Cancer Tests Getting More Popular Among Women Whose Family Have Breast Cancer Genes
An increasing number of young women with breast cancer at age 40 or younger are getting BRCA cancer gene test according to a recently published study featured in JAMA Oncology.
The surge of BRCA tests appears to have started long before Hollywood actress Angelina Jolie revealed that she opted for preventive surgery after gene mutation test yielded high risk of developing breast cancer. In Jolie's case, breast cancer is a family-inherited burden.
The study reveals that 87% of the 897 women surveyed in the study reportedly underwent BRCA testing a year after being diagnosed with breast cancer. Subsequently, the number of women getting tests over time.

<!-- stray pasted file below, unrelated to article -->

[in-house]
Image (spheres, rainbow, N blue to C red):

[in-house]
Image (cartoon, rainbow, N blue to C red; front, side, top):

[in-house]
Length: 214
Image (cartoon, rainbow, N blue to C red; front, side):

"Given that knowledge and concern about genetic risk influence surgical decisions and may affect systemic therapy trial eligibility, all young women with breast cancer should be counseled and offered genetic testing, consistent with the National Comprehensive Cancer Network guidelines," the study's authors wrote as quoted by Eureka Alert.
However, co-author Dr. Jeffrey Weitzel added that most of the women getting the genetic tests are highly educated whites covered with health insurance.
"We need to keep working on extending the reach of genetic testing," lamented Weitzel as mentioned in a report by US News and World Report.
Cancer experts are hoping that BRCA gene mutation tests would one day become widespread in order to reduce the likelihood of developing inherited cancer traits from one generation to another.
"Testing gives a gene carrier the chance to be a "previvor," someone who takes preventative measures, like a mastectomy," wrote Caitlin Kerfin in an article penned for YDR.